614 1st Avenue, in Pioneer Place Park, Pioneer Square,
between Cherry and James Street.
From the south: From I-5, take the Dearborn/James St. Exit (164A). Take the the ramp to the right toward James St. Turn left onto James St. Turn right onto 1st Ave.
From the north: From I-5, take Exit 165A toward James St. Stay straight to go onto 6th Ave. Turn right onto Columbia St. Turn left on 1st Ave.
From the east: From I-90 W., take the I-5 N Exit, Exit 2C, toward Vancouver B.C. Take the James St. Exit. Take a slight right turn onto 1st Ave.
You’re sitting in cobblestoned Pioneer Place Park, with its famous glass and cast iron pergola, when you enjoy outdoor seating at Doc Maynard’s Public House. The striking pergola was a cable-car stop built for the 1909 Alaska-Yukon-Pacific Exposition, Seattle’s first world’s fair.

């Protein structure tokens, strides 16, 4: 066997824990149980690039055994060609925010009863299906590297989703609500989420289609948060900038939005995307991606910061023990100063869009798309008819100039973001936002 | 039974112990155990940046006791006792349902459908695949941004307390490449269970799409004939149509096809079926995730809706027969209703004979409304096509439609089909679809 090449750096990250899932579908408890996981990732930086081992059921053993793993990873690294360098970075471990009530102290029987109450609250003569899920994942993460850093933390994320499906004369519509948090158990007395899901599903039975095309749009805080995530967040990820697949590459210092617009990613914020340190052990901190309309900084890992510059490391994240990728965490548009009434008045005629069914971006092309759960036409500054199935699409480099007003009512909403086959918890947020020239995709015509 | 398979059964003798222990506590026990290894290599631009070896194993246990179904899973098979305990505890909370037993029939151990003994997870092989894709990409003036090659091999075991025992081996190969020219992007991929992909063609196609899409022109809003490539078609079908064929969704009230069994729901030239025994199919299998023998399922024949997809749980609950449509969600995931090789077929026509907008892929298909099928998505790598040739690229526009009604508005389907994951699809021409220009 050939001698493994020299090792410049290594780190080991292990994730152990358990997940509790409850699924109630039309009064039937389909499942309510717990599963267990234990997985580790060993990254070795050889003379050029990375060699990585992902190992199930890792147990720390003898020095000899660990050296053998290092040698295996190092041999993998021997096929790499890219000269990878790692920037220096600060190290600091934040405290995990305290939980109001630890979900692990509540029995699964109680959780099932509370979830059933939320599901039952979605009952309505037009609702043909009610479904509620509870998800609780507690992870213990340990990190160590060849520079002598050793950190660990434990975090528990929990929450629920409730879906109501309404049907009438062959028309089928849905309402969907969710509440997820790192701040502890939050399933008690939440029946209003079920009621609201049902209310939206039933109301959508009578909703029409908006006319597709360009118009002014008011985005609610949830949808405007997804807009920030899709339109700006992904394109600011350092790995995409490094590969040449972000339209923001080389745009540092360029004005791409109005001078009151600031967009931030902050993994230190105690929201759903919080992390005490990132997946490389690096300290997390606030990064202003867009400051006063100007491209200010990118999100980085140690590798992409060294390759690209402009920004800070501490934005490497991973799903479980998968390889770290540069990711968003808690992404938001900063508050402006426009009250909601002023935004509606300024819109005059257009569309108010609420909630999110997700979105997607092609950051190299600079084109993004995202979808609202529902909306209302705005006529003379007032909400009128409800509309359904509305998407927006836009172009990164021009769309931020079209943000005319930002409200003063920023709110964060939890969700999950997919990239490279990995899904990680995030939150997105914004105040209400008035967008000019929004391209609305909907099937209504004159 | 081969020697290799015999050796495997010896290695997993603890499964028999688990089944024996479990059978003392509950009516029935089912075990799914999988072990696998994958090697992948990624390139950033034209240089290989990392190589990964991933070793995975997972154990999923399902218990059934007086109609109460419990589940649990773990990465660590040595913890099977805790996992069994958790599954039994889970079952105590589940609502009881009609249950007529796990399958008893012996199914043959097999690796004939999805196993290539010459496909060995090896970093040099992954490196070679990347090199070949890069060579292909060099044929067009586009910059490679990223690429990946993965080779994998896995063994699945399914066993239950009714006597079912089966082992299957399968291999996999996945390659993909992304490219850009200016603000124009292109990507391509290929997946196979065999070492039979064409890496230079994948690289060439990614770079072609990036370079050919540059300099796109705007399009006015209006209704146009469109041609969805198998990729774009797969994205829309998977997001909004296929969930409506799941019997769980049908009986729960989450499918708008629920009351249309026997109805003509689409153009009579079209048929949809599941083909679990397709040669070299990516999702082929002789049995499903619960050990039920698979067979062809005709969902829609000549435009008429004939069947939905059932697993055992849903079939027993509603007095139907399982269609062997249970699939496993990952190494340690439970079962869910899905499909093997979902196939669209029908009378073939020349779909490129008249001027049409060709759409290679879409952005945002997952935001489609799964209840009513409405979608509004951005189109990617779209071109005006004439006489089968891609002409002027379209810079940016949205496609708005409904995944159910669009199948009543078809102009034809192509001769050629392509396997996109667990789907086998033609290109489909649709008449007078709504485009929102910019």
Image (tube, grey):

Here you’ll also see a huge authentic Native American totem pole in a one-of-a-kind little city park preserved in large part because of the efforts of the founder of the Underground Tour, historian and writer Bill Speidel.
Near the pergola, note the bronze commemorative manhole cover celebrating the Underground Tour’s anniversary and sporting a famous quote by Mr. Speidel.
The Underground Tour makes its home in the heart of the city’s oldest neighborhood, Pioneer Square. Explore cobblestoned parks, Victorian-era buildings, tiny Waterfall Park, art galleries, outdoor performance art and games, restaurants, boutique shops, and Smith Tower, Seattle’s most beloved skyscraper and once the tallest building outside New York.
“Skid Row,” originally “Skid Road,” was coined to describe Pioneer Square, where huge logs shoved from the highlands east of town skidded downhill and came to rest at Henry Yesler’s waterfront lumberyard, ready to be shipped around the nation and world.